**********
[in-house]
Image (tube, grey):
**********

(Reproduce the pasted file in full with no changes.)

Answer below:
[in-house]
Image (tube, grey):